The early decades of the last century were marked by rapid economic growth across Yokohama, but that came to an abrupt halt on September 1, 1923, when the magnitude 7.9 Great Kanto Earthquake rattled eastern Japan.

The tremor caused widespread damage and much loss of life, with many of the victims buried in the Yokohama Foreign General Cemetery, which slopes down from the top of The Bluff.

A single headstone bears the names of 10 priests who all died on the day of the disaster. Another marker nearby has the names of half-a-dozen Catholic sisters. Leonardus Van Der Polder, who was born in Rotterdam in 1851, is buried here alongside his wife, Annie, yet more victims of the tragedy.

Other older tombstones also bear the scars of the quake, with many cracked and cemented back together after collapsing in the violent tremors.

A stroll through more than 4,200 grave markers is a fascinating walk through history. Renowned war correspondent Dixie Tighe, of the New York Post, is buried here after dying in Tokyo in 1946, close to British engineer Edmund Morel, who constructed the first railway line from Yokohama to Shimbashi, but died only one year after arriving in Japan in 1870.

Beneath a tree is a bust and gravestone of Hermann Grauert, who built the Catholic cathedral and survived an attempt on his life by a samurai disgruntled at growing foreign influences in Japan.

The Studio Ghibli connection

Hayao Miyazaki is rightly revered as a genius of Japanese animated cinema and set his 2011 film “From Up on Poppy Hill” in 1960s Yokohama.

The story revolves around the port and sees the high school protagonist, Umi Matsuzaki, raising signal flags that read “I pray for safe voyages” on a pole on The Bluff.

The pole and the flags can today be found flying in Harbor View Park.

The Emperor’s racecourse

A couple of miles to the southwest is Negishi Forest Park, dominated by the towering grandstand of the former Nippon Race Club.

The grandstand is all that remains of Japan’s first Western-style horse racing track, which was in its pomp in the 1930s.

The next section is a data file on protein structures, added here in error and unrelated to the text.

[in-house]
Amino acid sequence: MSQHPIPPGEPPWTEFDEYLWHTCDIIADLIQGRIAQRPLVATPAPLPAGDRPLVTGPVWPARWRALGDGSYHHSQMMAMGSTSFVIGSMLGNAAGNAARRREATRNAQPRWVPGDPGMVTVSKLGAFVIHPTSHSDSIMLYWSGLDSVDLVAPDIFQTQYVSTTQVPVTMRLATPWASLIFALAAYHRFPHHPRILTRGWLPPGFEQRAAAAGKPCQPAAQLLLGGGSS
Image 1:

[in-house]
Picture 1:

Panels to the rear of the stand show it in its heyday, with lounges overlooking the track, the judges’ stand and betting booths. Emperor Hirohito (1901-1989) was apparently a fan of the races and visited on several occasions.

In the years after Japan’s defeat in World War II, the entire racecourse was taken over by the occupation authorities and served as a military base. The park was returned to the city of Yokohama in the 1970s and is famous for its cherry blossoms in the spring, while the Equine Museum of Museum tells the story of horse racing in Japan.

Yamashita Park

In the aftermath of the 1923 earthquake, the crumpled debris of Yokohama’s buildings and infrastructure was pushed into the sea off the front and, over the years, transformed into Yamashita Park. The rose garden is well-tended and the lawns are perfect for summer picnics and buskers performing their tricks.

Moored off the stone walled front is the Hikawa Maru, a luxury passenger liner that was launched in 1929 to operate on routes to the west coast of the US and transported, among others, Charlie Chaplin and Prince and Princess Chichibu.

The vessel – known as the “Queen of the Pacific” – served as a hospital ship during World War II and then spent another six years repatriating Japanese troops after Tokyo’s surrender.

A floating museum today, visitors can admire the restored art deco cabins and interiors and, in the summer months, enjoy a cold beer on the stern deck beer garden.

The Red Brick Warehouse district

Along an elevated path at the northern end of the park that used to serve as a railway for the port is a complex of red brick warehouses that would have been a hive of activity a century ago.

Too small for the cargoes of modern ships, the godowns have been transformed into boutiques, bars and restaurants, with the large open space used for events and exhibitions, from beer festivals to vintage car shows.

From the front here, passenger ferries zip across the harbor, giving visitors a chance to see the city from the water.

Modernity in Minato Mirai

In sharp contrast to Yokohama’s historic buildings are the gleaming steel-and-glass skyscrapers of Minato Mirai, built on reclaimed land over the last 30 years and linking the original port area with Yokohama Station.

Cheek-by-jowl alongside brand-name shops and malls, restaurants and bars, hotels and convention centers is one of the tallest Ferris wheels in the country, as well as the Cosmo World theme park and a new cable car.